2022 O.E. Meinzer Award

Presented to Beth Louise Parker

Beth Louise Parker

Beth Louise Parker
Department of Engineering, University of Guelph


Citation by John Cherry

I have been privileged to work with Dr. Beth Parker for a very long time, and I can think of nobody more deserving of recognition for her body of publications and outstanding contributions to the field of contaminant hydrogeology.

Beth learned about hard work and perseverance growing up on a dairy farm in upstate New York. From her mother, she learned about sewing and knitting that involved the most careful and beautiful stitching. Her field studies mimic this in their careful stitching of diverse data sets into scientific works of art.

Beth’s contribution to contaminant hydrogeology began during her PhD research, based on new ideas about the influences of molecular diffusion on contaminant transport and fate. She hypothesized that chlorinated solvents in the form of dense, non-aqueous phase liquids (DNAPLs) infiltrating fractured porous media should rapidly disappear due to dissolution and mass transfer of the dissolved phase from fractures into the low-permeability matrix blocks between fractures. This hypothesis, and supporting analytic modeling, formed her first peer-reviewed paper (Parker et al., 1994), which is still one of her most cited publications (270 citations as of Aug. 2022). Since then, Beth’s hard work and perseverance have led to over three decades of innovative, field-based groundwater research.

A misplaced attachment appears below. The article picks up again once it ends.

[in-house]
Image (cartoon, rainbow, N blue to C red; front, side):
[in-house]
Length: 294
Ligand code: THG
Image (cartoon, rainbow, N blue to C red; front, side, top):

Beth’s research contributes to practical problem solving in contaminant hydrogeology through its focus on comprehensive studies at old industrial sites contaminated with chlorinated solvents. These studies have led to recognition of the importance of back diffusion (Chapman and Parker, 2005, 293 citations) that explains why conventional DNAPL remediation methods have been unsuccessful. Her field of research is dependent on innovative high-resolution data collection with adapted versions of conventional methods. Among these methods is a discrete fracture network-matrix (DFN-M) approach, as described in Parker et al. 2012, for the design and collection of field data. This approach improves bedrock conceptual models and enhances discrete fracture-matrix (DFM) numerical simulations for plume evolution over several decades. Beth’s work has resulted in a shift in our perception of the long-term evolution of contaminated sites and changed the approach to remediation in fractured and non-fractured geologic media.